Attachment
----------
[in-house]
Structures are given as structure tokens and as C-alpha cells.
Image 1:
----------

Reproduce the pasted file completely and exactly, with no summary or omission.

[in-house]
Structures are given as structure tokens and as C-alpha cells.
Image 1: